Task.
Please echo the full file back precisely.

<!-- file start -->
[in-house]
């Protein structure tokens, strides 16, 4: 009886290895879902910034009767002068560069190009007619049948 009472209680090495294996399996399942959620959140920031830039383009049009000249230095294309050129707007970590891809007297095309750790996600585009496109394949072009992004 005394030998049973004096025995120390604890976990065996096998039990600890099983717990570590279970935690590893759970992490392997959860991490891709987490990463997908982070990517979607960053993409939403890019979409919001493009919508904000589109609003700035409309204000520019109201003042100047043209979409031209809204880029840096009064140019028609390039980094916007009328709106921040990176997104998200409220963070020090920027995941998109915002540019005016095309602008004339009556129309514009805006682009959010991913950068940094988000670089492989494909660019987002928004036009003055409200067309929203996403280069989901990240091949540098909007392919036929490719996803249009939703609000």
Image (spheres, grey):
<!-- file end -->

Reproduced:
[in-house]
């Protein structure tokens, strides 16, 4: 009886290895879902910034009767002068560069190009007619049948 009472209680090495294996399996399942959620959140920031830039383009049009000249230095294309050129707007970590891809007297095309750790996600585009496109394949072009992004 005394030998049973004096025995120390604890976990065996096998039990600890099983717990570590279970935690590893759970992490392997959860991490891709987490990463997908982070990517979607960053993409939403890019979409919001493009919508904000589109609003700035409309204000520019109201003042100047043209979409031209809204880029840096009064140019028609390039980094916007009328709106921040990176997104998200409220963070020090920027995941998109915002540019005016095309602008004339009556129309514009805006682009959010991913950068940094988000670089492989494909660019987002928004036009003055409200067309929203996403280069989901990240091949540098909007392919036929490719996803249009939703609000």
Image (spheres, grey):